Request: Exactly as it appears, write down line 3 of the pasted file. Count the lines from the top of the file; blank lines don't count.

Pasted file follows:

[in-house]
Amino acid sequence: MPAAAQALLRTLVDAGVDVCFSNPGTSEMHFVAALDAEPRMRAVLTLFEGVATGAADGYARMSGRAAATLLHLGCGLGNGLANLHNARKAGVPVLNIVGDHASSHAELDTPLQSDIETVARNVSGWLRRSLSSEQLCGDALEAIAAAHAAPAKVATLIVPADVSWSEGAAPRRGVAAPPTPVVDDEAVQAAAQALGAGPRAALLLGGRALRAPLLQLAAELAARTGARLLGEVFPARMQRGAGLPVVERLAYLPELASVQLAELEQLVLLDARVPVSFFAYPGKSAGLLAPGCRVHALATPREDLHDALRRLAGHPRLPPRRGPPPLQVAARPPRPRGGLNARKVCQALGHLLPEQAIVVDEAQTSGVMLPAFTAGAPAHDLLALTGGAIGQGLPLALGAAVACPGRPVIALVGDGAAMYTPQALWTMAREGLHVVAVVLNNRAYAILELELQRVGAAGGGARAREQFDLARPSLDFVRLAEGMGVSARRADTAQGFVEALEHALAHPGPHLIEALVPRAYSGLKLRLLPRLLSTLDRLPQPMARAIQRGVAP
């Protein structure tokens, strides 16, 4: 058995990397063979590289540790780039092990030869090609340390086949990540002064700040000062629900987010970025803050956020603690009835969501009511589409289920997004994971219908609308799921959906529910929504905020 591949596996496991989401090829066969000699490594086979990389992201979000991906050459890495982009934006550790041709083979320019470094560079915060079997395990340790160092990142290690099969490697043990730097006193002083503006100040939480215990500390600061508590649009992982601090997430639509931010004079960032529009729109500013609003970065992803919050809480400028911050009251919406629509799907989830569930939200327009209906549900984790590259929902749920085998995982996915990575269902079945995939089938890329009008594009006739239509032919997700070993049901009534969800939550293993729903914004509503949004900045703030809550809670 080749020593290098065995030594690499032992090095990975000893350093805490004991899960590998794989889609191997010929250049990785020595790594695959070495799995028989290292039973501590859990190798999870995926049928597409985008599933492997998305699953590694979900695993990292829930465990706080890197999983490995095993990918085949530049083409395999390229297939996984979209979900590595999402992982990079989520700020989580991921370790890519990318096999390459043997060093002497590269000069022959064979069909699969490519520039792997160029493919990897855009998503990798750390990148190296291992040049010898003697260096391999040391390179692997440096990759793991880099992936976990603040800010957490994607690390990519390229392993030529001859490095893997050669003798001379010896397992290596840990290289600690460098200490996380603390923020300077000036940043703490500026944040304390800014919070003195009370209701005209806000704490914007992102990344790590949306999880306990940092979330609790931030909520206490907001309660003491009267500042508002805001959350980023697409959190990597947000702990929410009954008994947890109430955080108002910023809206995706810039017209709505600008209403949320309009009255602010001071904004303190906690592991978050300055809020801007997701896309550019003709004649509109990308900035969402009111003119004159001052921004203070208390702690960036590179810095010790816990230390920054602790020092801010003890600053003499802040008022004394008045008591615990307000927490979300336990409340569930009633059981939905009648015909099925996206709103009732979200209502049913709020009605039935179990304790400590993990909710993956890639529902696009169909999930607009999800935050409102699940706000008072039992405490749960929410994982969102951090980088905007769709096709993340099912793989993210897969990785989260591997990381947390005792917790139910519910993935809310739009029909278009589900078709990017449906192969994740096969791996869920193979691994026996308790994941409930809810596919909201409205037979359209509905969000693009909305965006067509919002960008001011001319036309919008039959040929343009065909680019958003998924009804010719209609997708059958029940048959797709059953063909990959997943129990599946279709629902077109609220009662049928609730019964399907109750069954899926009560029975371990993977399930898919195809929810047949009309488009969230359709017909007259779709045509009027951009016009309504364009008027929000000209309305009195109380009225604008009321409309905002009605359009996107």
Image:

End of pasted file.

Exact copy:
């Protein structure tokens, strides 16, 4: 058995990397063979590289540790780039092990030869090609340390086949990540002064700040000062629900987010970025803050956020603690009835969501009511589409289920997004994971219908609308799921959906529910929504905020 591949596996496991989401090829066969000699490594086979990389992201979000991906050459890495982009934006550790041709083979320019470094560079915060079997395990340790160092990142290690099969490697043990730097006193002083503006100040939480215990500390600061508590649009992982601090997430639509931010004079960032529009729109500013609003970065992803919050809480400028911050009251919406629509799907989830569930939200327009209906549900984790590259929902749920085998995982996915990575269902079945995939089938890329009008594009006739239509032919997700070993049901009534969800939550293993729903914004509503949004900045703030809550809670 080749020593290098065995030594690499032992090095990975000893350093805490004991899960590998794989889609191997010929250049990785020595790594695959070495799995028989290292039973501590859990190798999870995926049928597409985008599933492997998305699953590694979900695993990292829930465990706080890197999983490995095993990918085949530049083409395999390229297939996984979209979900590595999402992982990079989520700020989580991921370790890519990318096999390459043997060093002497590269000069022959064979069909699969490519520039792997160029493919990897855009998503990798750390990148190296291992040049010898003697260096391999040391390179692997440096990759793991880099992936976990603040800010957490994607690390990519390229392993030529001859490095893997050669003798001379010896397992290596840990290289600690460098200490996380603390923020300077000036940043703490500026944040304390800014919070003195009370209701005209806000704490914007992102990344790590949306999880306990940092979330609790931030909520206490907001309660003491009267500042508002805001959350980023697409959190990597947000702990929410009954008994947890109430955080108002910023809206995706810039017209709505600008209403949320309009009255602010001071904004303190906690592991978050300055809020801007997701896309550019003709004649509109990308900035969402009111003119004159001052921004203070208390702690960036590179810095010790816990230390920054602790020092801010003890600053003499802040008022004394008045008591615990307000927490979300336990409340569930009633059981939905009648015909099925996206709103009732979200209502049913709020009605039935179990304790400590993990909710993956890639529902696009169909999930607009999800935050409102699940706000008072039992405490749960929410994982969102951090980088905007769709096709993340099912793989993210897969990785989260591997990381947390005792917790139910519910993935809310739009029909278009589900078709990017449906192969994740096969791996869920193979691994026996308790994941409930809810596919909201409205037979359209509905969000693009909305965006067509919002960008001011001319036309919008039959040929343009065909680019958003998924009804010719209609997708059958029940048959797709059953063909990959997943129990599946279709629902077109609220009662049928609730019964399907109750069954899926009560029975371990993977399930898919195809929810047949009309488009969230359709017909007259779709045509009027951009016009309504364009008027929000000209309305009195109380009225604008009321409309905002009605359009996107």